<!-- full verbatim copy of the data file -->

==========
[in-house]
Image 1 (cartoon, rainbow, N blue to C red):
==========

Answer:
[in-house]
Image 1 (cartoon, rainbow, N blue to C red):